Out at Work
Cultivating a climate of inclusion for Duke’s LGBTQ workforce
A photograph of a white paddleboard greeted August Burns when she walked up to her office door after returning from her wedding and Montreal honeymoon in 2012.
A message read, “Congratulations! This will be showing up at your door. Love, your Duke family.”
Graduate students and colleagues in the Fitzpatrick Institute for Photonics purchased the paddleboard as a wedding present for Burns and her wife, Denise, who love paddling with students and coworkers on the Haw River and Jordan Lake.
“I was so overwhelmed by the gift I had to sit down,” said Burns, 47, business manager for the Fitzpatrick Institute for Photonics. “The fact that the students and my coworkers were so supportive of my marriage was indescribable. I will cherish that moment forever.”
Duke’s health care benefits for same-sex partners were a driving factor for why Burns joined Duke in 2007, after working at two other organizations.
“Duke was the first employer I felt comfortable sharing with that I was gay,” she said.
From 1995 until gay marriage was legalized by the U.S. Supreme Court in 2015, Duke provided same-sex partners of Duke employees with health care benefits, and continues to cultivate a climate of inclusion for its community of LGBTQ – lesbian, gay, bisexual, transgender and queer – staff and faculty through institution-wide policies, medical learning and supportive resources. Forbes has ranked Duke among "Best Employers for Diversity" in 2019.
A commitment to LGBTQ-inclusive policies offers peace of mind and boosts confidence and morale, considering 46 percent of LGBTQ employees in the U.S. do not feel comfortable being out at work, according to a 2018 national study by the Human Rights Campaign, the largest national lesbian, gay, bisexual, transgender and queer civil rights organization.
“We want all voices to be heard about diversity, inclusion and respect, and we want to send a message loud and clear that all voices should be heard,” said Cynthia Clinton, assistant vice president of Duke’s Office for Institutional Equity.
‘I walk with my head up’
As students and staff mingled in the Center for Sexual and Gender Diversity’s fall open house, Brittney Brown, the center’s office coordinator, walked from group to group introducing herself with one question: “Are you a hugger?”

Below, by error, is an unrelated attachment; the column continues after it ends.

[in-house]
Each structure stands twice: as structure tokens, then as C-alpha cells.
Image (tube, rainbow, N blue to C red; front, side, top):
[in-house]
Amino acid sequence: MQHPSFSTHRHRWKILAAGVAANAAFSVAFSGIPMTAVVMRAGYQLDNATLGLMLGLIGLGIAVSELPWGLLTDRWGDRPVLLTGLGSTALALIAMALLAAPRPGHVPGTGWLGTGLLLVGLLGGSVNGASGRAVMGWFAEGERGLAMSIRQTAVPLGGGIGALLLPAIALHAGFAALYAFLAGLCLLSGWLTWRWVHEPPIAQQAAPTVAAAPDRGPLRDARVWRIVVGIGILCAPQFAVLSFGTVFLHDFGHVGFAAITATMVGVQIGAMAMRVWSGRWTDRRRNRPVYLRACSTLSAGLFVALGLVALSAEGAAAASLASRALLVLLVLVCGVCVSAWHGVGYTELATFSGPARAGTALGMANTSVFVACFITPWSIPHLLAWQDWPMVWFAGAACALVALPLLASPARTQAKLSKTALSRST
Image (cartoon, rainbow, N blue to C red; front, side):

Dressed in a crisp white button-down shirt, dark slacks and black suspenders, Brown, who is gay, is right at home at Duke, maintaining the Center for Sexual and Gender Diversity’s schedule, budget and office supplies.
“When I wear what I’m comfortable in, I walk with my head up and I’m friendlier,” said Brown, 30. “With me being able to express myself, I’m open and willing to do anything and everything that’s asked of me at work.”
Brown, who joined Duke in 2009, feels especially secure because of Duke’s nondiscrimination policy, which was amended in 2007 to cover “gender identity” and again in 2016 to include “gender expression.” The changes were made following recommendations by the Duke University LGBT Task Force and engagement with a wide range of students, staff and faculty.
Established in 1991 by former President H. Keith Brodie, the task force makes ongoing assessments of attitudes and conditions throughout the university regarding gay, lesbian, bisexual, and transgender community members and issues.
“It’s one thing for Duke to say, ‘Our policy says you can’t discriminate,’” said Damon Seils, task force member and clinical research communication specialist for the Duke Clinical Research Institute. “It’s another thing for the university to organize a group to think through what policies mean in the real world with real people.”
Supportive language and policies at Duke have evolved over time. In 1989, the Board of Trustees first added “sexual preference” to Duke’s nondiscrimination policy, which was later updated to “sexual orientation.”